I was lucky, I got both balance (I restarted Nextpat!) and found a partner. It takes a different level of discipline and prioritization than the one I used overseas. That is partly what this series will be talking about.
If you’ve followed the long list of celebrity “self-help” books about Leaning In or Out or Thriving, you know that “Work-Life Balance” is the buzzword of the moment. Yet, there remains a market for “balance” – because finding it can be hard.
The biggest suggestion I have is to “own your truth.” Ownership of your decisions, recognizing what you are choosing and why, helps you ground decisions you have to make to adhere to your priorities. It also lets you have #noregrets. Nextpat partners with you to find your journey and help you navigate these decisions and your priorities! Contact us and we'll schedule a time to chat!
Nextpat reviews the stereotypes surrounding the choice to prioritize self and some ideas for pursuing your goals upon return.
STEREOTYPES and WAYS TO COMBAT THEM:
1. You leave work on time because you don’t care about your job – colleagues and bosses may think you are unwilling to do the job, just because you choose to prioritize your job differently than they do. First, recognize this is their issue, not yours. However, if it’s your boss, it’s important to figure out what makes them tick and how to avoid that.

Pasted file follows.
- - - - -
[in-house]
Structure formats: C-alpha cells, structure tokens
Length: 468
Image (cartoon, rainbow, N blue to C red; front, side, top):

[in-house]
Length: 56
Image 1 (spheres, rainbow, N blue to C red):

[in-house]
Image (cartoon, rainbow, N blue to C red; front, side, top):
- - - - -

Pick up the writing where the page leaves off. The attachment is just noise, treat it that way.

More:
a. Excel at your job: do it the best that you can in the time you have. Ensure that you are on top of your responsibilities and outstanding items are appropriately documented. I find that my top producers are those who prioritize and focus at work – doesn’t always mean they are there the longest.
b. Help your colleagues or boss understand why taking care of yourself helps make you a better employee. People living their best life do it in every part of their life. Be sure that when you are at work you are focused and present – any appearance of laziness or unwillingness to commit will be attributed to your priorities not your capabilities. Demonstrating that attention while at work will also convey that you are taking it seriously.